Both paintings are a success- following the terms I have set myself- lively, bright and harmonious,, successful in their description of the sensation of the place, and optimistic. They were rapidly executed, but behind them lie many failed pictures.

 It is important in this style of painting not to contradict oneself: if the piece is about immediacy of impression and spontaneity of response, then one must avoid the temptation to correct, one must accept and work with errors or clumsy marks, incorporating them into the composition: a Chinese virtue.


*part of a larger question: why is the coffee in Brazil so dreadful? Yes, there are occasional fancy cafes where it is good. Here in Floripa there are two, established by Australians. But the standard stuff in bakeries and ordinary restaurants is  dishwater, Stock reply- because the best coffee goes for export. As with all stock replies, one wonders if: a. this is really true and, b. why would it be true? Surely separating some bags of beans for a luxury domestic market would be easy? The same arguments circulate about chocolate.




*

Thursday, March 3, 2016

Valparaiso revisited

*



From Stanfords Library Series, 1912





I was so impressed by Valparaiso as a painting city that I'd had, since my visit there back in June, 2012, the idea of returning to do more paintings. So I'm returning in early April.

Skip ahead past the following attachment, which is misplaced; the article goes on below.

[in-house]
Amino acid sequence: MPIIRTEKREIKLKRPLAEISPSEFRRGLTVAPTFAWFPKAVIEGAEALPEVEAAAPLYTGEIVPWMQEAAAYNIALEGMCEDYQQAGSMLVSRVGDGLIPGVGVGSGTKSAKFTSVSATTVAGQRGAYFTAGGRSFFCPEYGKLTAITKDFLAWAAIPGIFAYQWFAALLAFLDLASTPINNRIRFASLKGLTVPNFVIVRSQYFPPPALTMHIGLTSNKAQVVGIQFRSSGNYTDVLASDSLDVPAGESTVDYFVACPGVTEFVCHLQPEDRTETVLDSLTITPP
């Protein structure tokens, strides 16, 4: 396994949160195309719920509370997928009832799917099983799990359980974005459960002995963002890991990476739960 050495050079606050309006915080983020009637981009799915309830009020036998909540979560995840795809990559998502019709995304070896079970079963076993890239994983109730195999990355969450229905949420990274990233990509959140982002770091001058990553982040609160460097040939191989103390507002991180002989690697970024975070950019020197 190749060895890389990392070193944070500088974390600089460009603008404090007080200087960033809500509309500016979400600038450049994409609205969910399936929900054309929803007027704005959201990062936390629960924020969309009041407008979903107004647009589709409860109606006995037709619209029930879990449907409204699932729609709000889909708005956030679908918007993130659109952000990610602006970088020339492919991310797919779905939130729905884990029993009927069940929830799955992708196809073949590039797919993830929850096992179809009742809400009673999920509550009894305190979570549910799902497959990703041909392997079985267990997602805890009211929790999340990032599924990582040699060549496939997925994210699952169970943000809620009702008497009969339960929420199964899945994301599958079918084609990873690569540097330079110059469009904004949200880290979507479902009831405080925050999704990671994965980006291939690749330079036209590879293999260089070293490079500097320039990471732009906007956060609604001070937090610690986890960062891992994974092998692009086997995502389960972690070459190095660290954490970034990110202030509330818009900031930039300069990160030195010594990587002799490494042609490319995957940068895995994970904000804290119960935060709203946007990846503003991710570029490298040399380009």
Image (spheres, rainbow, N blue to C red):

In many ways it's an ideal painting city: not too big and set on many hills with splendid views, great crumbling 19th century architecture and and that Tom Waitsian atmosphere of abandon. The light was clear and the people weren't annoying.

I have a feeling that I'll visit relatively few totally new places this year, there being so much pleasure in revisiting the old and capitalizing on the benefits of hindsight and the knowledge of the place that I've garnered, There is also considerable pleasure in seeing if one has advanced in any way creatively too.

But revisiting is an art in itself. If one revisits too soon, and one might as well never have left. What is nice is for ones memory to have blurred a little and for the place or oneself to have changed sufficiently to incur surprise,  to discover other perspectives, and feel delight, 



*

Wednesday, March 2, 2016

Sea, Praia Brava

*



Sea, Praia Brava, oil on card, 16 x 13.4 cm



A listless day, a strange sense of incompletion.



*

Tuesday, March 1, 2016

A drive to the mountains

*



 Rancho Queimado- in the mountains, oil on card, 14 x 15 cm





Aguas Mornas- logs, oil on card. 15.5 x 14.5 cm




It's slightly cooler- just about tolerable, therefore- to drive to the mountains and do some work.

 When painting you are very alone. Your're in this arena against the subject and your own worst instincts. You just have your paints and and your thoughts as weapons, and you have to be determined, or very lucky to win. Or sometimes you have to know when it's right to cede defeat and abandon the work. Clarity of mind is everything, and that's why solitude is so essential, as is the right mental state to begin: humility, courage, stoicism...



*